Inside the M95 Continued
The sensor is in fact the Avago ADNS 9800 laser sensor that will offer you the ability to go from 50 to 8200 DPI in 50 DPI jumps. This sensor will also read the gaming surface and adjust accordingly to maximize its performance on any mouse pad material.
Controlling all of the actions of the mouse as well as supplying the onboard memory is the Flexis JM MC9S08JM32 MCU. This is an 8-bit processor with a 48MHz clock speed and is fully USB 2.0 compliant.
With everything back together and the mouse now plugged in, things around the M95 start to light up. At the top, the DPI selection buttons light up blue, and to match those, the profile lights on the left side are also blue, and it shows all the lights are lit so I am now on profile six.
Around the front of the mouse, the area around the scroll wheel also glows from a blue LED and it does reflect on the sides of the aluminum wheel, too. The button behind the wheel also illuminates with a blue LED, and none of these lights will change color, they are always blue.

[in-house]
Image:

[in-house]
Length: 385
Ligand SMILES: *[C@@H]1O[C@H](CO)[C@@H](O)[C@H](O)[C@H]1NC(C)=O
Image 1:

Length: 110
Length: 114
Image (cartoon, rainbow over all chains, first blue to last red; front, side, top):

In the heel of the mouse you also get the Corsair name and logo that illuminate with a white LED. It is tough to tell with all the lights on, but in normal lighting, both the blue and the white are very bright, and it does stand right out on your desktop.
I just wanted to step back a bit so that you can appreciate the arctic white M95 all lit up. All we have left to cover is the software, and I can tell you of my experience with this really slick looking M95.